CLEANLINESS AMONG THE IMPOVERISHED
HOW DO THEY MANAGE IT?
Here I am, the American with a suitcase filled with a variety of clothes for any occasion. I have my capris and short sleeved and 3/4 sleeved tops for casual travel; my sundresses for formal interviews or dinners; my raincoat, etc. I’m at a loss if I have no hairdryer or curling iron.
It doesn’t matter what I choose to wear; every day I show up looking disheveled in a mass of wrinkles. I normally wouldn’t feel so bad. Hey, I’m traveling, and that is to be expected, right?
Except when I am greeted by Santiago, our driver and translator, this particular week. We’ve been to his house, which is along the side of the road in the country. It is a simple cement block structure with the typical packed dirt floors, no electricity, no plumbing.
Yet Santiago appears every single day, not only with impeccable personal hygiene, but also with clothes that are clean and long-sleeved shirts that have a perfect crease down each sleeve. I can’t even do that at home with my electric iron!
HOW DO THEY DO IT? I’ve spent time out in some of these communities, and I know how they have to wash; it is not easy. There is a pila -“tub” outdoors from which you scoop water to drizzle over yourself to sponge bathe. It may be gathered cistern water or water from plastic jugs carried by women atop their heads from a local spring miles down the road.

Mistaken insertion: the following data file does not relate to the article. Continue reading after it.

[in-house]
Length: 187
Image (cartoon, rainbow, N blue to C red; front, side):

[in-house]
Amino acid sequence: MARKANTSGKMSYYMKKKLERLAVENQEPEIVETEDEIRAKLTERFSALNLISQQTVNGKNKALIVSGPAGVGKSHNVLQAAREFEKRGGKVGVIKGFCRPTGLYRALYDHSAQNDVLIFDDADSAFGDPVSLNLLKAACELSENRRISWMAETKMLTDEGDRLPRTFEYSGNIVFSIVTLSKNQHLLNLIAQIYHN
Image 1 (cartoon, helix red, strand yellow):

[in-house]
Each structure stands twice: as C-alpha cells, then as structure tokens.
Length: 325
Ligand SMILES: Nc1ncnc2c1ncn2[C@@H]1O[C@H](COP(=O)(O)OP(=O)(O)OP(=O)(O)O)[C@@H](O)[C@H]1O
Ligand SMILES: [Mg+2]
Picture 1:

I’ve watched them scrub their clothing by hand, wring it out, and hang it over fences or lay it flat to dry. But I don’t know what kind of soap they use to get things so clean. The school children all wear uniforms of white shirts and white socks, and they are an immaculate WHITE–even on the kids living amid the omnipresent mud. I spend each evening washing MY white things out in the sink of the guest house using my Tide packets, and my garments turn out a dingy gray, at best.
I wanted to ask Santiago how his wife got his shirts ironed like that, but I couldn’t bring myself to do so. I was just in awe with admiration.
[Two years after I wrote this reflection, I read this passage in Joseph B. Frazier’s El Salvador Could Be Like That: “On any given morning a boy in an immaculate pressed white shirt (how did they do that?) might surface over the barranca rim and head, maybe barefoot . . . . . .” (p. 13) I had to smile realizing others are also in awe.]
Salvadorans’ thick textured hair looks so gorgeous just being air dried after being washed; the women either let it hang naturally or tie it up so effortlessly. They don’t even need a hair clip. By the end of the first week, I find myself letting my thin, straggly hair air dry and tuck it behind my ears. When in El Salvador . . . .